The Kraft Cheese Company
Water Valley, Mississippi
Yes, I know that I wrote about “The Cheese Plant” last week but there were several things left unanswered in that writing.
Have you ever looked up “cheese” on the Internet or in an encyclopedia? What an interesting and lengthy subject. As I grew up I remember mother making cottage cheese at home—now it is a standard item on the grocery shelf.
Nannette tells me that her mother made both the soft cottage and the semi-hard, adding color to the second to give it the what we might call the normal cheese color. There are four classes listed, soft, semi-soft, hard and very hard.
In my old fashioned encyclopedia I find—In 1917, J. L. Kraft, an American businessman, Chicago, patented a method for making process cheese—that has to be Mr. John whom I’ve mentioned meeting several times at Grenada Farms. He brought several people into our town in connection with the cheese plant. Mr. Frank Tucker, mentioned last week, Mr. W. C. Quinn and I know that there are others that I’m missing. Sandra Quinn helped me immeasurably with some questions.
Why was the traffic direction at the milk intake point at the cheese plant south-bound into the north-bound traffic side of Central Street? There was room for that intake point to be reversed. The milk trucks, loading their empty cans, had to be parked, headed the wrong way, during the operation. Did the city not have a planning committee for overseeing things like this?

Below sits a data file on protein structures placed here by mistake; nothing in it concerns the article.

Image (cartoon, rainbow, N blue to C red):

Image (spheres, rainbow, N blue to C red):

The Waste Product?
Many of you may not know what “whey” is. The easiest way to tell you is say that it is the principle waste product of cheese making. However, it is not a waste. There was, to me as a child, an enormous tank into which the whey was pumped. My father fed hogs—it was one of the several operations that I have mentioned that he ran on the farm.
I can see him walking across the barnyard with a bushel basket of corn on his shoulder, headed for the pigpen. Inside that pen there was a trough with a barrel just outside —a 55 gallon drum with the head cut out and an old tub [No 3] upside down over the top—to hold whey. This was repeated at each of several pens. Three barrels of whey were picked up, twice a week, at that big tank just north of the plant.
For many years it was considered getting rid of a waste product and cost nothing—later there was a minimal—like a quarter a barrel—(as I remember) charge. It is rated as an excellent feed for hogs fed on corn (helps balance the protein content of the feed).
On the average about 10 pounds of cheese can be made from 100 pounds of milk. Milk weighs 8.6 pounds per gallon so that 100 pounds of milk equals a l.l gallon can of milk. Most of the milk sugars (lactose) are in the whey. You can do the math on that—you get a lot of whey in making cheese.
Other Waste Uses
In the 70s research discovered methods for removing a number of valuable substances from the “waste product” whey. Although, previously some of it had been fed to farm animals, most of it was thrown (probably went directly into Town Creek) away.
Today manufacturers add these nutritious substances to many foods. Whey can also be made into alcohol. Liquor companies have used whey in making whiskey and a sweet wine (our Guernsey bull, PowWow, found about that alcohol years ago).
I wish to thank the many of you who have made encouraging remarks. I think that we all might need to follow the advice an old fellow of long ago. The drought was pretty severe and he was called on to pray. He asked to Lord to let the wind blow from the south for three days.
You can reach me most of the time at 23541 Highway 6, Batesville, MS 38606, 662-563-9879 or email@example.com.